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A grownup and child, snuggle on a couch, reading together.

5 Ways Parents and Caregivers Can Support Kids' Reading Development at Home

Parents and caregivers can support reading at home with wonderful books and lots of practice. Kids at school are building reading skills. They are learning about the connection between how letters look on the page and how they sound when we say them out loud. They are learning what words mean and building vocabulary and background knowledge to help them understand what they read. You can help by making time for reading practice at home. 

Make a Special Reading Spot

Let reading be a special part of every day. Designate a corner of your home the reading corner and make it special with pillows and blankets. Spend some time each day reading with your child. You can read out loud or you can listen to your child read.

Ask Questions

As you read together, ask questions about the book to build comprehension skills. Make a prediction ("What do you think will happen next?") or make a connection with the story ("How would you feel if that happened to you?"). You are helping your child focus on the meaning of the words they are reading. Ask your child if there are parts of the book they don't understand and explain unfamiliar vocabulary and concepts. When you finish the book, have a conversation about what happened in the story.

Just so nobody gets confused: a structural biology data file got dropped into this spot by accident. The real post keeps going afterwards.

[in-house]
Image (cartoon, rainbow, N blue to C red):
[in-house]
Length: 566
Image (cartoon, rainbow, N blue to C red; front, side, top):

Make Time for Mistakes

Encourage your child to read out loud to you. Listen patiently and let them take their time. When they get stuck, encourage them to sound out words, sound by sound. Make the sound of each letter slowly, then blend the sounds together more quickly to make a word. As you listen, take note of mistakes your child has made, then, when they finish the sentence or section, point out the mistakes and have them read the whole sentence again. You are helping them learn to read fluently. When they finish, celebrate their success!

Re-Read Favorite Books

Help your child grow into a confident reader. When a book is a hit, read it over and over. Read the book out loud to your child and let them read the book out loud to you. Practicing the same text repeatedly will help your child learn to read quickly and with expression.

Read for Fun

Spark a drive to read by making sure kids have access to books that excite them. When you visit the library, ask a librarian for help finding books that match your child's interests. Learning to read takes lots of practice. The more a child is motivated to learn to read, the easier that practice will be.

Learn more about finding books for your developing reader or fill out a quick online form to receive a list of book suggestions, tailored just for your child's needs!